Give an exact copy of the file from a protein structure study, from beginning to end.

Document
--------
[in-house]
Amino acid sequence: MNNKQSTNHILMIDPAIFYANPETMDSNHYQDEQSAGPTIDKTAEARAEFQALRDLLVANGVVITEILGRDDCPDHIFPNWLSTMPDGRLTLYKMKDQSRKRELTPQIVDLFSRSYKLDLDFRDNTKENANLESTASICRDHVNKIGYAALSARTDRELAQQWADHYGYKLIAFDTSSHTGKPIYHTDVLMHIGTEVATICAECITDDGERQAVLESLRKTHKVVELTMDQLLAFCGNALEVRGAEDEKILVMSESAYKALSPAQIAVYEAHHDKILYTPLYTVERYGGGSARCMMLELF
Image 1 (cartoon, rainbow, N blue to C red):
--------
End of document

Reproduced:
[in-house]
Amino acid sequence: MNNKQSTNHILMIDPAIFYANPETMDSNHYQDEQSAGPTIDKTAEARAEFQALRDLLVANGVVITEILGRDDCPDHIFPNWLSTMPDGRLTLYKMKDQSRKRELTPQIVDLFSRSYKLDLDFRDNTKENANLESTASICRDHVNKIGYAALSARTDRELAQQWADHYGYKLIAFDTSSHTGKPIYHTDVLMHIGTEVATICAECITDDGERQAVLESLRKTHKVVELTMDQLLAFCGNALEVRGAEDEKILVMSESAYKALSPAQIAVYEAHHDKILYTPLYTVERYGGGSARCMMLELF
Image 1 (cartoon, rainbow, N blue to C red):